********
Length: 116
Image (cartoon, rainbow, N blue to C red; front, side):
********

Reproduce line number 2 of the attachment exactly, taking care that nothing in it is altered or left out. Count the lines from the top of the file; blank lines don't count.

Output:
Image (cartoon, rainbow, N blue to C red; front, side):